Global: The global Covid death toll has passed the grim milestone of 4.7 million, with a figure of 4,758,001 according to researchers at Johns Hopkins University. Meanwhile, infections exceed 232 million world wide.
US: Covid -19 infections have passed 43 million. Meanwhile, the US coronavirus death toll has passed 690,000 according to Johns Hopkins University data.
Pfizer advanced testing of an experimental oral antiviral drug. The medicine, PF-07321332, is intended to be given at the first sign of exposure or infection, without requiring patients to be hospitalized first. Pfizer’s new trial is enrolling as many as 2,660 adults who live in the same household as someone with a confirmed infection. Participants will get either a placebo or a combination of the experimental drug plus ritonavir twice daily for five or 10 days, the company said.
India: India reported 179 Covid deaths on Tuesday, the smallest daily toll since the middle of March, taking the total to 447,373. Infections rose by 18,795, the smallest increase since early March, lifting the total to about 33.7 million, health ministry data showed.
UK: Covid infection control measures in UK hospitals should be relaxed to help the NHS tackle a record backlog of patients waiting for treatment, the UK’s public health agency has advised.
The British prime minister Boris Johnson has finally agreed to meet the Covid-19 Bereaved Families for Justice group at Downing Street, well over a year after first promising to do so.
Australia: Australia will introduce at-home testing for Covid-19 from Nov. 1, as cases in Victoria surged past those in New South Wales, the country’s most populous state, for the first time since July. Regulatory agency Therapeutic Goods Administration recommended the at-home testing, Health Minister Greg Hunt said Tuesday. Some 76.7% of Australians have now received their first dose of a Covid vaccine, he added.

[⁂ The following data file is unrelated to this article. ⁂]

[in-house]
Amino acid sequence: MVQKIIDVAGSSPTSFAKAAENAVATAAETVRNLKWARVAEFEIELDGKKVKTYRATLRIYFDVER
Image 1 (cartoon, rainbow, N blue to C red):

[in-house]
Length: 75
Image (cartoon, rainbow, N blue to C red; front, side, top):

US: President Joe Biden has had a coronavirus booster jab, the White House confirmed. It comes days after his administration gave the go-ahead for a third shot of Pfizer’s vaccine in certain populations.In the US, health authorities have said they are confident there will be enough vaccine shots for both qualified older Americans seeking booster jabs, as well as young children.
United Airlines Holdings Inc. said 98.5% of its US-based employees have been vaccinated and expects the figure to exceed 99% in its final tally of compliance with its mandate. The carrier had set a Monday deadline for all US-based workers to receive the Johnson & Johnson vaccine or an initial dose of a two-shot vaccine. Failure to comply could result in termination.
UK: The UK has fully vaccinated more than two-thirds of its population against Covid – one of a small number of countries to reach the milestone.
A crowdsourced effort to design a Covid-19 pill won £8 million ($11 million) in funding from the Wellcome Trust. About 250 people submitted to the Covid Moonshot effort more than 4,500 potential molecular designs intended to block a key protein that helps the virus replicate. “It is a way of working that none of us realized was possible,” said University of Oxford Professor Frank von Delft, a leader of the project. It has been “an express train on tracks we have had to lay down as we go.” The Wellcome funding will help pay for the expensive last step of research needed to bring the project into human clinical trials but is unlikely to beat big pharmaceutical companies. Pfizer is in late-stage trials on an oral antiviral.